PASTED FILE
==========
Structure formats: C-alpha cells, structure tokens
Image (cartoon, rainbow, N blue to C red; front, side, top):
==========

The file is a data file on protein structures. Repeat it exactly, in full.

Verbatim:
Structure formats: C-alpha cells, structure tokens
Image (cartoon, rainbow, N blue to C red; front, side, top):